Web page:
Friday, January 16, 2009

Scomi Chief Among 13 On US List For Alleged Role In Nuclear Proliferation

US slaps sanctions on KL businessman. The US sanctions do not apply to listed companies such as Scomi Group. But several bankers say that the unwelcome designation of its CEO and main shareholder by the US could hurt the group's efforts to expand its engineering and manufacturing business overseas.

Its core activities include oil and gas and building monorail systems. Currently, it is pursuing contracts for monorail projects in India and the Middle East. Mr Shah Hakim did not respond to a request for comment for this report, and the US State Department statement did not detail the grounds on which the Malaysian businessman was designated under the censure order.

But regional intelligence officials said that the businessman's designation is related to fund transfers from Libya and Lebanon to finance the manufacture of centrifuge components manufactured by a Scomi subsidiary.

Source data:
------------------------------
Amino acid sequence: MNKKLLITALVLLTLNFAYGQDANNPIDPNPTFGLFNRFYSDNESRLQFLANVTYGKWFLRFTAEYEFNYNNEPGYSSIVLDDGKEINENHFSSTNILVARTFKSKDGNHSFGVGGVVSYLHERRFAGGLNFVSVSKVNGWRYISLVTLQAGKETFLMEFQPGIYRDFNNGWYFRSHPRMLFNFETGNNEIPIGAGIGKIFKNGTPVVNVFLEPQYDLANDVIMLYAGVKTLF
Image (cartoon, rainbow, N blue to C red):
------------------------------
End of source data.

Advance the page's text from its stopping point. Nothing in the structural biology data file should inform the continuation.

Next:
Ever since the nuclear-smuggling ring was exposed in late 2003, Scomi executives have maintained that they were never involved in any nuclear proliferation activities.

They also insisted that the company was misled by Mr Tahir, who was a key associate of Dr Khan, into manufacturing centrifuge parts for unspecified overseas customers involved in the oil and gas industry. Mr Tahir's wife was a one-time shareholder of Scomi.

The Malaysian government at the time also cleared Scomi, in which Datuk Seri Abdullah's only son Kamaluddin is a major shareholder, of any wrongdoing. The Malaysian government has yet to publicly comment on the latest sanctions. But diplomats and regional intelligence officials said that the US sanctions have raised doubts over those assertions.

The nuclear smuggling ring was exposed in October 2003 when European intelligence officials intercepted a Libya-bound shipment of centrifuge components produced by a Scomi subsidiary.

After a lengthy international investigation, Mr Tahir was detained under the ISA, after the Malaysian police discovered that he secretly brought seven Libyan technicians to be trained to operate high-technology machines at the Scomi-run facility to produce centrifuge parts. Mr Tahir was released last year after the Malaysian government declared that he no longer posed a security threat to the country. He continues to reside in Malaysia.

Article from Mr. Jesper Lee (Cimb)

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